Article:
News Release (August 31st 2015)

The main objective of ReWobioRef is to explore the techno-economic feasibility, scientific requirements, and material specifications to utilise recycled waste wood in lignocellulosic (LC) biorefinery processes as an alternative feedstock source.

The secondary aim is to valorise the recycled waste wood components (cellulose, hemicelluloses and lignin) for more sustainable biobased fuels, chemicals and materials.

The ReWoBioRef project addresses only recycled waste wood that has already gone through one utilisation stream and therefore is considered as secondary raw material having reached the end-of-waste criteria according to the EC waste directive. Recycled waste wood material from eleven different sources in Germany, Slovenia, Finland, and the UK has been collected and analysed. The results show that chips of recycled wood A I had higher concentrations of inorganic pollutants than softwood chips, and also some pieces of non-wood material.

Preliminary results on steam explosion and ethanol based organosolv cooking without an acid catalyst showed typical softwood behavior for A I quality recycled wood in respect of hydrolysability, thus being potential future raw material for sugar production. The recycled wood was processable unmilled, and milling pre-treatment was not necessary prior to steam explosion in a batch reactor.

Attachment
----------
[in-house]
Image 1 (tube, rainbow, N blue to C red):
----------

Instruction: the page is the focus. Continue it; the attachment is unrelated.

A IV recycling wood lots have been tested with favorable results in the Enerkem process that converts mixed organic wastes and residues into a pure synthesis gas (or syngas) which is suitable for the production of biofuels and chemicals using proven, well-established and commercially available catalysts. The economic model described in the literature for a lignocellulosic biorefinery with organosolv-pre-treatment of beech wood chips for the production of lignin has been adapted in this paper to varying ratios of A I recycling wood as alternative feedstock. Mainly because of the high operating costs, the relatively low income for the considered output products and lignin revenues around of 600 €/t (2015), the scale effect for the organosolv-pre-treatment currently classifies it as not economically viable when 100% beech wood chips are used as feedstock. The uncertainty in revenues, especially for the by-products glucose and xylose, is the major reason. However, if A I recycling wood is used, the economics improve significantly since lignin can be produced with profits of between 180 and 270 €/t. These assumptions are based on the data sets used for the referenced model calculation basically by varying the feedstock mix input. The major financial risk factors thus remain with the reference model but are significantly reduced.